It is that type of asexual reproduction in which a fully grown parent organism divides into two or more than two daughter cells.
In this case , the reproductive unit is whole parental body.
Types of Fission:
On the basis of number of daughter cells produced, fission is of two types:
(a) Binary fission
(b) Multiple fission.
(a) Binary Fission: It is division of adult parental body into two nearly equal daughter cells during favourable conditions.
It is the simplest and most common method of asexual reproduction found in protists (Amoeba, Euglena), bacteria, and green algal forms (Chlamydomonas) and planarians (flat worms).
In binary fission, the karyokinesis (division of nucleus) is followed by cytokinesis, so that nothing is left with the parent. Daughters feed, grow and repeat the process. The organisms undergoing binary fission are called immortal as after binary fission nothing is left with the parental body so there is no natural death.
On the basis of plane of cytokinesis, the binary fission is of three types:
(i) Irregular or simple binary fission
Here cytokinesis may take place along any plane but its plane is always perpendicular to that of karyokinesis e.g., Amoeba. So nothing is left with parental Amoeba which completely divides into daughter cells, so it is called immortal as it suffers no natural death.
(ii) Longitudinal binary fission:
Here cytokinesis takes place along longitudinal axis e.g., in flagellates (Euglena).
(iii) Transverse binary fission :
Here cytokinesis takes place along transverse axis e.g., in ciliate protozoans (Paramecium).
In Opalina and Pelomyxa (both protozoans), the peculiar binary fission called plasmotomy occurs in which a multinucleate adult parent undergoes cytokinesis to form two multinucleate daughter cells followed by karyokinesis in each daughter cell. In Planaria, the parent undergoes transverse binary fission as shown in fig.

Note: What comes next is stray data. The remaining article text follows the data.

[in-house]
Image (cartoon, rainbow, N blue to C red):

(b) Multiple fission: It is that type of asexual reproduction in which the parental body divides into many daughter cells simultaneously during the unfavourable conditions to increase the chances of survival of daughter cells. In this, the reproductive unit is whole parental body.
Occurs in: Multiple fission is found in a number of organisms e.g., algae among plants, Plasmodium malarial parasite, Amoeba and Monocystis.
How it happens: During multiple fission, the nucleus of parent divides by repeated amitosis into many nuclei, each nucleus takes a bit of cytoplasm and forms a daughter cell. Some cytoplasm of the parental body remains unused and is called residual body.
For example, during erythrocytic schizogony in the life cycle of P. vivax , the cryptomerozoite enters the RBC, feeds on the haemoglobin and other cellular contents saprozoically and becomes fully grown and is called schizont. Then multiple fission occurs and 12-24 merozoites are formed.
RBC ruptures and merozoites are released which repeat the process. Similarly in an encysted oocyst called sporont present on the stomach wall of female Anopheles host, the multiple fission called sporogony occurs and many sporozoites are formed. Similarly, Amoeba undergoes multiple fission during unfavourable conditions in an imencysted form as well as in encysted form.
In the former, daughter cells get encysted (called encystation), and are called spores, so the process is called sporulation. The cysts also help in perennation and dispersal. In the later case.Amoeba withdraws its pseudopodia and secretes a three-layered chitinous cyst wall (encystation). On the approach of favourable conditions. Amoeba undergoes multiple fission and produces many small sized amoebulae or pseudopodiospores .